Updated: Jul 22
Isolation Headphones vs Noise Canceling Headphones
Noise isolation, also known as "Passive Noise Cancellation," or “Passive Isolation” is the process of reducing noise by placing barriers in the way. Noise isolation in headphones creates a tight seal utilizing the foam cushions in the ear cups. In order to lower noise levels, the physical barrier "isolates" your ear from the sound. This is accomplished by the fit, design, and materials utilized, preventing the sound from leaking.
It is also known as active noise cancellation and it is a method of isolating background noise using a set of parts positioned inside the ear cups of the headphones. Miniature microphones "listen" to the ambient sound first. A built-in chipset receives the sound wave data and uses algorithms to generate an opposing soundwave that is 180 degrees out of phase and plays via the speakers. This will drown out any incoming background noise.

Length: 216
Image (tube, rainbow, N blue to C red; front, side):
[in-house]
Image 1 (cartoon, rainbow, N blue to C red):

While active noise cancellation is often for low frequencies for example droning engines, passive noise isolation can reduce noise on all frequencies and excels at doing so for mid-to-high frequencies.
Manufacturers of isolating headphones may concentrate on the design, components, and construction that will result in the highest sound quality because there are no dedicated noise-canceling circuits or batteries in their products.
Capturing ambient sound and creating an antagonistic destructive interference signal will "color" the output of the final sound. The installed circuitry can interfere with the audio output and the canceling signal it generates, which lowers the reproducibility of the source audio.